Nancy Rosen’s “Stephanie”, on display at the Evanston Art Center, has a beautifully dark charm to it that pulls you into the frame.  I love the emotion in this piece.  The figure’s place in the composition creates a sense of sorrow and pain.  I feel a contrast between her gentle hand placement and the harsh jagged features on the rest of her face, it almost feels like she has this soft contentedness amid a world of pain.  I was immediately drawn to the woman’s long, bone-like features.  There is so much detail in the woman’s face, it took me a few seconds to realize all of the detail in the background.  I love how the floral pattern in the background plays off of the lines and style of the woman’s face.  I haven’t seen any other work by this artist, but I can easily get a sense of their style just by seeing this piece.  It’s strange how some people feel comfort in melancholy, and how pieces like this one can be so dark, yet warm at the same time.  I think part of my attraction to this piece comes from a place of familiarity.  Seeing this woman in a state of soft sorrow was an experience and identity that I could relate to.  I like that the woman in this piece doesn’t seem to be asking for help or support.  So often women are depicted as fragile and helpless, always needing to be saved.  This piece contradicts this assumption, showing a strong female figure totally comfortable and capable of her emotions.  I would be curious to see other work by Rosen, and ask what their intention was behind this piece.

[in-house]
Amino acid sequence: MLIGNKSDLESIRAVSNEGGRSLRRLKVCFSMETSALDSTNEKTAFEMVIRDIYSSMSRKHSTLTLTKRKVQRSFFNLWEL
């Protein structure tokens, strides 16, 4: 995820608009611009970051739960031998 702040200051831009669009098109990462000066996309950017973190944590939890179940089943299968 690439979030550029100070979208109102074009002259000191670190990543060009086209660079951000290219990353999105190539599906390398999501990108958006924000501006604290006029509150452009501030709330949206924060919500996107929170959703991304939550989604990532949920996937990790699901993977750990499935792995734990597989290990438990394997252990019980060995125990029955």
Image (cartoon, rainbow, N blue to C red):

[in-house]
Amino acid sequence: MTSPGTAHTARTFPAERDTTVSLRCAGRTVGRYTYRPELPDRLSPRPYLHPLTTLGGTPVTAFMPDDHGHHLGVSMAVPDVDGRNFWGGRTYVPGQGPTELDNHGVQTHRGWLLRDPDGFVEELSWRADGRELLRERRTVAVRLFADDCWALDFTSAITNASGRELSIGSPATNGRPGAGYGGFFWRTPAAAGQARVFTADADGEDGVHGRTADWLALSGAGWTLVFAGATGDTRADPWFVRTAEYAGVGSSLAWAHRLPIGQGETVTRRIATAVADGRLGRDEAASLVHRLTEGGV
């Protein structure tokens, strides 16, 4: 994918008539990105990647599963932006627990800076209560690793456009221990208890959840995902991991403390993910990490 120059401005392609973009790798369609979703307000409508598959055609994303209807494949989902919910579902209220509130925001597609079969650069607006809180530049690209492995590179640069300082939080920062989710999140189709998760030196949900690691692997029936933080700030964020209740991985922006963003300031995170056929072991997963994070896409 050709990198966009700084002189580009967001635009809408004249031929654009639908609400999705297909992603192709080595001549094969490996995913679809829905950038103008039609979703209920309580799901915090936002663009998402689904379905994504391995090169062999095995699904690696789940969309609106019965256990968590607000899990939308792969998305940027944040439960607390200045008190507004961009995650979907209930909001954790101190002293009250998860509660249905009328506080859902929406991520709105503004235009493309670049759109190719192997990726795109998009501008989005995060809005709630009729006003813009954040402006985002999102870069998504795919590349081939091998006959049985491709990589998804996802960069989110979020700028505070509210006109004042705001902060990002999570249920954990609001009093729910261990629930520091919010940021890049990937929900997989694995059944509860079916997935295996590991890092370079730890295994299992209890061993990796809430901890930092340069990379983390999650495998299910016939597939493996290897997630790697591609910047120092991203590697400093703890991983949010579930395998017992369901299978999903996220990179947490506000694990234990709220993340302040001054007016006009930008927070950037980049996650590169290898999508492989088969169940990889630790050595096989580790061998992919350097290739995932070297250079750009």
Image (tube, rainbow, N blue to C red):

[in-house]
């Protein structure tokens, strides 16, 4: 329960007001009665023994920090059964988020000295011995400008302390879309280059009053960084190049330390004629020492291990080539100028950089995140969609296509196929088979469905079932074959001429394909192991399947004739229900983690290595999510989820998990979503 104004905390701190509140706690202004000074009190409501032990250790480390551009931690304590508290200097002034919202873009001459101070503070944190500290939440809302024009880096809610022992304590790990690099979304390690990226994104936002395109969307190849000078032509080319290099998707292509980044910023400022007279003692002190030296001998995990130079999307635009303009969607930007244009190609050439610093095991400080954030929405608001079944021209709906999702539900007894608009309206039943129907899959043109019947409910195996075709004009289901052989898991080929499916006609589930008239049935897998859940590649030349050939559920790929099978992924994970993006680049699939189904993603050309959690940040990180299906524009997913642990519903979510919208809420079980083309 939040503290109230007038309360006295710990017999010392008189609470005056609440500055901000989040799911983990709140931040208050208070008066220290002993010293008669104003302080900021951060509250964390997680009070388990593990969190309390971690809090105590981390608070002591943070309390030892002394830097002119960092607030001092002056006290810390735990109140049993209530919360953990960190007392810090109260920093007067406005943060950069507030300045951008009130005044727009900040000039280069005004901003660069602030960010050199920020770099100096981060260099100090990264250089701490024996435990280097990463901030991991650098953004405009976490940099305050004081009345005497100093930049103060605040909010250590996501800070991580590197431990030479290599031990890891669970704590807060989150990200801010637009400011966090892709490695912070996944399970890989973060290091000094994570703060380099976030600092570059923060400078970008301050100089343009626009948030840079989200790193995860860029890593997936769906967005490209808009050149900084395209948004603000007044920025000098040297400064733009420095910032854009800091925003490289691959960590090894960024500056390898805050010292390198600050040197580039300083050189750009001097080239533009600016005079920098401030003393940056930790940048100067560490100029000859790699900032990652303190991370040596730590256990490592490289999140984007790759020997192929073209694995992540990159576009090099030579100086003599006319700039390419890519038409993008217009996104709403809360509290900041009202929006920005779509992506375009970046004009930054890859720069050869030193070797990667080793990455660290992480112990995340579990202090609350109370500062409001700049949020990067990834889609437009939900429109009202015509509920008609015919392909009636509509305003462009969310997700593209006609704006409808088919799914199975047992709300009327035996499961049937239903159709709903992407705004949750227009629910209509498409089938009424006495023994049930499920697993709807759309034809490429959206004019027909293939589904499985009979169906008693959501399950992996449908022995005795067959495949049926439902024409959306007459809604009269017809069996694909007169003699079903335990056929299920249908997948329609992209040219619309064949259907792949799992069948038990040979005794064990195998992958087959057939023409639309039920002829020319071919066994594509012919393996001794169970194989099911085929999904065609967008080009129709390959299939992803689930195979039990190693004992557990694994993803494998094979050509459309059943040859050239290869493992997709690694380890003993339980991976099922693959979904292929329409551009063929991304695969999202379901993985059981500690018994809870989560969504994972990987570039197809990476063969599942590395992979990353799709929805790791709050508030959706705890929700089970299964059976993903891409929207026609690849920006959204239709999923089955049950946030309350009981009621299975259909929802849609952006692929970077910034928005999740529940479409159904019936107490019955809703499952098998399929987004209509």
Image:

Nancy Rosen, Stephanie, 2012 
Installation View: First Floor Gallery, Evanston Art Center
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